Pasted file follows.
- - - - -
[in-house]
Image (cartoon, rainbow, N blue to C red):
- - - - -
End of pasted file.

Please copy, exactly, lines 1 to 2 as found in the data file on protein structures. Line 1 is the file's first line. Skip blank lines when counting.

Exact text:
[in-house]
Image (cartoon, rainbow, N blue to C red):